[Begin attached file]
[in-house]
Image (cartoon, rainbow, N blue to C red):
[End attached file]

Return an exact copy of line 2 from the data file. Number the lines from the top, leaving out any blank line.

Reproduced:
Image (cartoon, rainbow, N blue to C red):